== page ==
In Isaiah 61:1-3 the poet prophet writes that he has been anointed “to bring good news to the oppressed, to bind up the brokenhearted, to proclaim liberty to the captives, and release to the prisoners; to proclaim the year of the Lord’s favor . . . to comfort all who mourn . . . to give them a garland instead of ashes”.
You may recognize some of these words from Luke 4:18ff where Jesus incorporates them into his first sermon preached from the synagogue in Nazareth. He receives a rather mixed reaction from that congregation, some of whom spoke well of him and were amazed at his words, while others drove him out of town, ready to hurl him off the cliff. Tough audience! Continue reading
In this blog post I want to share a Thanksgiving prayer. I expected to write something somewhat traditional along the lines of recounting the many blessings for which we can offer thanks to God. And while there is an abundance of such blessing to recount – for which I am thankful – the prayer that began to form in my heart and mind went a different direction. This prayer is much more one of intercession for things in the news over the past year that many find troubling. As a pastor I have seen the effects the deterioration in our national dialogue has had on friends, families and the church. Perhaps you have as well. If so I invite you to join me in this prayer at Thanksgiving.
A Prayer at Thanksgiving
O God, in the noise and clutter of a confused and troubled world, help us to hear you. Continue reading
This time of year always reminds me of my childhood, growing up in central Indiana. Childhood can be a grand experience – perhaps only fully appreciated in hind sight. My own childhood was safe, happy and filled with things that I enjoyed.
As the youngest of five children in my family of origin, and living in a rural setting, I was often my own best play mate. I utilized my imagination to fully engage in daily basketball games on the court in the backyard. I played all the players – tossing the ball to myself from myself – giving myself names of South Putnam High School or Purdue University players I admired, and narrating the radio call of the game in my head – or out loud.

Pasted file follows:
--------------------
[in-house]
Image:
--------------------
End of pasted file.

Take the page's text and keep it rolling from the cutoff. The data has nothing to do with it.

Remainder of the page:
And you know what? I never lost a game! Continue reading
The First Baptist Church “Hope & Pray Moving Company” was at it again earlier today. That’s the name I’ve come up with for our group of volunteers who help persons in the congregation move their household from one home to the next. I think our motto is “We hope it fits and pray it gets there!”. Hey, you get what you pay for, right?
Seriously, in my time as pastor of this congregation I’ve watched, helped and appreciated this rotating crew of men and women who just jump in when a need arises to assist with a move. We’ve helped move people from their home to an assisted living facility, from one home to another, from an apartment into a first home, out of a home that was flooded, into a moving truck that’s headed cross country – you name it, we’ve probably done it. An appeal goes out, and people show up! It’s amazing – and rewarding. Continue reading
When I was in seminary I completed a unit of Clinical Pastoral Education (CPE) in a hospital setting one summer. My particular assignment was on a heart specialty floor where I related to patients and families identified as CABG recipients. In the vernacular of the medical profession CABG (pronounced “cabbage” – though it has nothing to do with a vegetable) stands for Coronary Artery By-pass Graft. In other words these folks (the cabbage patients) were having heart by-pass surgery. They were on that floor due to heart trouble.
In John 14:1 Jesus says, “Do not let your hearts be troubled.” That was not always a good verse to share as a hospital chaplain on the CABG floor! Heart trouble had landed the occupants of that floor in those rooms. Often they were there post heart attack – perhaps the most troubled condition our hearts can physically endure.
Of course Jesus wasn’t addressing the physicality or anatomy of the human heart muscle when he shared these words in John 14:1. Continue reading